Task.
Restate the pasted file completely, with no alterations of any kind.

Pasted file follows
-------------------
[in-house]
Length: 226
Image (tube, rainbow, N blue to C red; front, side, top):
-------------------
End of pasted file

[in-house]
Length: 226
Image (tube, rainbow, N blue to C red; front, side, top):